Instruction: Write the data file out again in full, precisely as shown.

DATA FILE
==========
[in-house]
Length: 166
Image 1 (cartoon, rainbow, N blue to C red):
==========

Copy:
[in-house]
Length: 166
Image 1 (cartoon, rainbow, N blue to C red):